Because epithelioid cells lack mobility and adhere closely together, they are less likely to spread and metastasize than sarcomatoid cells. This characteristic is one of the reasons epithelial mesothelioma has a better prognosis than other cell types.

Symptoms of Epithelial Cell Mesothelioma

Mesothelioma symptoms remain the same regardless of the cells that make up tumors. Tumor cell types primarily impact treatment response and growth rate, but they do not influence symptoms. Epithelioid tumor cells do not cause symptoms different from other cell types.As cancer grows and spreads, symptoms appear when organs such as the lungs, heart or kidneys are affected. Initial symptoms of pleural or peritoneal mesothelioma include cough, shortness of breath and lack of appetite. As the disease progresses, more severe symptoms may surface.

  • Shortness of breath
  • Persistent, nonproductive (dry) cough
  • Hoarseness
  • Coughing up blood
  • Low blood oxygen levels
  • Anemia (low iron)
  • Fever
  • Night sweats
  • Weight loss
  • Feeling full, even without eating
  • Lack of appetite and nausea
  • Fatigue and extreme tiredness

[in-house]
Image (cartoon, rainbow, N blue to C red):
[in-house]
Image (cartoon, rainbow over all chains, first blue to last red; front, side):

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Prognosis for Epithelial Mesothelioma

According to data published in 2018 from the National Mesothelioma Virtual Bank, the median survival of epithelioid patients is 18 months. This life expectancy measures the time from diagnosis until death. Patients with biphasic cell type have a median survival of 10 months, and life expectancy is seven months for people with sarcomatoid cells.

Compared with other cell types, patients with epithelioid cells had an improved prognosis of around 200 additional days of survival. This enhanced survival rate can add years to a patient’s life expectancy if they receive an early-stage diagnosis with aggressive treatment.